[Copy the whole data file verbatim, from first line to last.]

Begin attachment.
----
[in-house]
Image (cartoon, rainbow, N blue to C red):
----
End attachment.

[in-house]
Image (cartoon, rainbow, N blue to C red):